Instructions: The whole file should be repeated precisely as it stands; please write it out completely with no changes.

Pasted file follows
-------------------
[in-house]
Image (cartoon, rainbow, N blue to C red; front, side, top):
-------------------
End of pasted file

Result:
[in-house]
Image (cartoon, rainbow, N blue to C red; front, side, top):